They are located here: 

http://yayashome.blogspot.com/   and  http://redwagonflights.blogspot.com/ and http://architectofprose.blogspot.com/  (billed as Word Designer) and for  Lyle Erickson at: http://barbarian13.com/index.html

Short Biography:

Joany Erickson goes by three pseudonyms at present: Just Joany, Yaya, and Word Designer. She’s an Institute of Children’s Literature member and can occasionally be found playing on the Writer‘s Retreat there as well as other social scenes when not pounding out puzzles for publication. Also, she has extensive experience and training in the study of Dolls and Doll Repair, which explains her versatile writing styles.

Numerable stories, articles, novels of hers float around journalistic world, as well as puzzles and human interest pieces. As a full-time writer, she’s taken an Honorable Mention in the international Morten H. Clausen Poetry Competition.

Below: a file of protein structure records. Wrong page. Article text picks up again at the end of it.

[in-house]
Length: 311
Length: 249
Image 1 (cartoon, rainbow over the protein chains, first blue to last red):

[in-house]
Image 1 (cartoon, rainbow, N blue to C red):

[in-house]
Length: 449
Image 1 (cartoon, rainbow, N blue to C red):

She considers writing to be part of who she is and strongly recommends if for healing whatever ails a person. One of her pieces of advice for writers; if you’re writing for any reason besides the pure joy of writing, you’re writing for the wrong reason.

I want to thank Joany again for being my willing first interview victim here on Claudsy’s Blog. She was a brave soul, allowing me full access to her words and her thoughts concerning the most important thing to her life aside from her family. If you get a chance, drop by one or more of her blogs and have a good time. They are fun for the fun lover.

Have a great writing day.

A bientot,


Categories: Writing and Poetry
  1. January 4, 2010 at 1:39 pm

    Hi Yaya and Clauds,

    Cool to learn so much more about you Joany. I learned things I didn’t already know, so good job Clauds.

  2. January 4, 2010 at 11:35 pm

    Hi Yaya and Clauds,